Unlike the first two intercomparisons, the spatial area chosen for the third intercomparison is large enough to coincide with several TRMM overpasses each day. Products were generated at 3-h intervals beginning at 0225 UTC each day to coincide with the update rate of the GOES-9 full-disk satellite scans and to accommodate potential limitations in processing power, disk space storage, and latencies in real-time data acquisition. In contrast with the first two intercomparisons, all OW products were evaluated both during the day and at night because of NRL’s recent development of a nighttime CC algorithm. The spatial resolution of the GCD product was also improved from 10 to 4 km.

Special consideration was given to the temporal matching of the TRMM and geostationary satellite product datasets given the very large domain of the test. By knowing the start time and the elapsed time required to complete the full disk images at the selected time intervals, it was possible to estimate the time of day for a given cell in the geostationary data given its latitudinal location. The OW product data were evaluated in regions where the approximate time of day matched the time-registered TRMM data to within 15 min. All other regions within the data grids that were not time coincident were excluded from evaluation. The domain size, frequency of TRMM overpasses, and length of study were all factors in reducing the time matching requirement from previous intercomparison studies.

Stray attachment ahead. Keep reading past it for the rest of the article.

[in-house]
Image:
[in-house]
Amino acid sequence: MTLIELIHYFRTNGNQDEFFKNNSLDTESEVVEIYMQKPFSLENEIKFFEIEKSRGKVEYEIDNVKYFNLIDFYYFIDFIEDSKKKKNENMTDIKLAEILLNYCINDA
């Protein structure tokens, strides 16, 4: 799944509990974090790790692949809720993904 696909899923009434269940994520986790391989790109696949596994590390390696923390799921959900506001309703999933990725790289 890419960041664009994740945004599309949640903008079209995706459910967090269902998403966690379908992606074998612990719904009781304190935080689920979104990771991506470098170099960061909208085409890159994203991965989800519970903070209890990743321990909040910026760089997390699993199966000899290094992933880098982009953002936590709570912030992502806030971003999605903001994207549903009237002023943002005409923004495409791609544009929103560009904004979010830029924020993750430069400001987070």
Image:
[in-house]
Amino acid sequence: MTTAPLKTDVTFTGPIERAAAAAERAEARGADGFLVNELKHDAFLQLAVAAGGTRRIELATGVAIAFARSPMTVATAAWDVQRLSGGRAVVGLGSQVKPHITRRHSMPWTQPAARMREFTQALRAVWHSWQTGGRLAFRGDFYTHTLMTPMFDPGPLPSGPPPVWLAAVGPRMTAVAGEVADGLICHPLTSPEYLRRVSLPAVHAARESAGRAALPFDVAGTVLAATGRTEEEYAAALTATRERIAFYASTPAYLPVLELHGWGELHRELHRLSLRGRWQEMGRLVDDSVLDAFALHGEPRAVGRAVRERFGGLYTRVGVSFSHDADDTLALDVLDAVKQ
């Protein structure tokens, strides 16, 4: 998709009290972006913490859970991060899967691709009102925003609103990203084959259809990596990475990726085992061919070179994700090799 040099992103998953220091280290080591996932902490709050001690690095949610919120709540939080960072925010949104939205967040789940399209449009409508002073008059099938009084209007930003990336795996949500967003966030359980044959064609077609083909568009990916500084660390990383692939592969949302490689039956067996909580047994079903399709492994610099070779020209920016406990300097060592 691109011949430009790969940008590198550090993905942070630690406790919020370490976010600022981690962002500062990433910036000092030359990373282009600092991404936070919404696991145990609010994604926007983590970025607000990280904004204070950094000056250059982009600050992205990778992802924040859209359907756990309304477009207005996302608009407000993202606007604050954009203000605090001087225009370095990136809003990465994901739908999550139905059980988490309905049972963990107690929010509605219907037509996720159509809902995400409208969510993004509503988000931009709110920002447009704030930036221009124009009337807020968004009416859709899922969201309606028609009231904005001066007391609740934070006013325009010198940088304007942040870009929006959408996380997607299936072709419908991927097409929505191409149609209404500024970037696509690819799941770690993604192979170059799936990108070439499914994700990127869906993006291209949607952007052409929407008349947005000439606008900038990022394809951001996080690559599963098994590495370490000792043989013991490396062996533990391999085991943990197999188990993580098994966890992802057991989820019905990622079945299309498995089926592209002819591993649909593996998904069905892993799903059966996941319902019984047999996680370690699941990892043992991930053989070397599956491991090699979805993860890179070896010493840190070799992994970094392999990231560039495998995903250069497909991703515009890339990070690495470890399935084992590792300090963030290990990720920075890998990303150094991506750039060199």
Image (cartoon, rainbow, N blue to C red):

The scoring methodology was similar to that in the second intercomparison, that is estimating the degree of hazard of each cell using TRMM LIS and PR data for verification. However, a third criterion for hazard was added, namely the NASA method for classifying convective rain (the TRMM Qualitative Product). This rain product employs a vertical profile and horizontal pattern method (Steiner et al. 1995) to distinguish between stratiform and convective rain systems. It was decided that a small region (<10 pixels) classified as convective rain detections alone would not be classified as hazardous unless it was accompanied by lightning or significant upper-level reflectivity. Convective rain detections ≥10 pixels were classified as hazardous cells.

Furthermore, the convection evaluated by each diagnostic product was sorted independently into two convective regimes, “maritime” or “continental,” distinguished on the basis of fractional area of coverage of radar reflectivity ≥20 dBZ at the 5-km altitude. This decision was based on earlier ground-based radar studies in tropical Australia (Williams et al. 1992), showing substantial differences in the fractional area of radar echo coverage between true continental and maritime regimes. The fractional area is the ratio of the number of pixels exceeding 20 dBZ at the 5-km altitude to the total number of pixels within a bounding box that has a width and length equal to the PR swath width (∼247 km) and is centered on the cell of interest. As shown by Williams et al. (1992) and more recently by Nesbitt et al. (2000) and Toracinta et al. (2002), a cell exhibits maritime characteristics (large cloudy area with high cloud tops and little or no lightning) if the fractional area with radar reflectivity exceeding some threshold is large. A histogram distribution of the fractional areas computed for all hazardous cells identified in the TRMM radar data (583) is provided in Fig. 7. It is clear that a high percentage of cases exhibit small fractional areas (<10%) and, by inference, continental characteristics. A dividing line of 9% was arbitrarily selected as the value that roughly split the total population equally. Several cell centers located near the PR swath edges did not have as large an area from which to collect reflectivity data. The fractional area computation for these cells may yield results not representative of the actual storm status, but the occurrence was low and the overall impact on the analysis negligible.